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Letting go is hard to do: Managing difficult complainant behaviour Louise Rosemann Assistant Ombudsman Office of the Queensland Ombudsman 8 November 2012.

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Presentation on theme: "Letting go is hard to do: Managing difficult complainant behaviour Louise Rosemann Assistant Ombudsman Office of the Queensland Ombudsman 8 November 2012."— Presentation transcript:

1 Letting go is hard to do: Managing difficult complainant behaviour Louise Rosemann Assistant Ombudsman Office of the Queensland Ombudsman 8 November 2012 Conference of Regulatory Officers 2012

2 Unreasonable complainant conduct UCC is behaviour by a current or former complainant which, because of its nature or frequency, raises substantial health, safety, resource or equity issues for the parties to a complaint.

3 Why do complainants behave unreasonably?  Attitudes – they are dissatisfied with a person, agency, system or process  Emotions/psychologies – they are highly angry, frustrated or disappointed, have an inflated sense of entitlement or cannot accept personal responsibility  Aspirations – they seek ‘justice’, ‘a moral outcome’, are pursuing a matter of ‘principle’ or seek vindication  Recreational interests – a pleasurable hobby  Needs – their expectations, physical or emotional needs have not been met

4 Objectives of the framework  Ensure equity and fairness – resources are allocated based on the merit of the complaint rather than the demands or behaviour of the complainant  Improve efficiency – allocating sufficient time and resources to manage UCC avoids the drain on resources from unmanaged UCC  Promote health and safety – identifying potential risks to staff health and safety and implementing measures to eliminate or control those risks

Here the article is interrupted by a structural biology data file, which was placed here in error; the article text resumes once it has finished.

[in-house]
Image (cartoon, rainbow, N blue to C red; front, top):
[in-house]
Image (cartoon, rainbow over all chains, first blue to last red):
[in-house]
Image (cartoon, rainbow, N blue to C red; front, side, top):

5 Prevention principles  Manage complainant expectations – let complainants know what you can and cannot do at the outset  Insist on respect and co-operation – the complainant has rights but also responsibilities  Implement policies and procedures – which demonstrate organisational commitment to effective management of UCC, and ensure staff understand and receive training in them

6 Management principles  Separate content from process – the agency is responsible for the complaint while the complainant ‘owns’ the issue  Separate the person from their behaviour – focus on observable behaviour rather than labelling the person as ‘difficult’  Respond appropriately and consistently – using the framework and suggested strategies  Communicate effectively – clear, regular, timely and firm communication avoids misunderstandings

7 Framework of strategies

8 Prevention principles  Manage complainant expectations – let complainants know what you can and cannot do at the outset  Insist on respect and co-operation – the complainant has rights but also responsibilities  Implement policies and procedures – which demonstrate organisational commitment to effective management of UCC, and ensure staff understand and receive training in them

9 Managing expectations  Provide information to potential complainants about the role and jurisdiction of your agency  Provide specific and consistent information to complainants at each stage of your consideration of their case  Explain your complaint handling process, timeframes, what can and cannot be achieved  Check for understanding

10 It’s OK to complain

11 Managing UCC 1.Have policy and procedures to support effective management of UCC 2.Undertake training in managing UCC 3.Manage complainant’s expectations before, during and after they make a complaint 4.Use the framework to respond consistently 5.Communicate effectively

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